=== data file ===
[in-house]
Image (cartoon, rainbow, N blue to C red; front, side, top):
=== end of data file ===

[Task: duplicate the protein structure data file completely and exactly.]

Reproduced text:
[in-house]
Image (cartoon, rainbow, N blue to C red; front, side, top):